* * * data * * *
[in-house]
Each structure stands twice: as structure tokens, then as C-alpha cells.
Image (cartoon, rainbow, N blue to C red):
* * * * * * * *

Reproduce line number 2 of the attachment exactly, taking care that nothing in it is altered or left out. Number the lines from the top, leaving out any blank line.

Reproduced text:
Each structure stands twice: as structure tokens, then as C-alpha cells.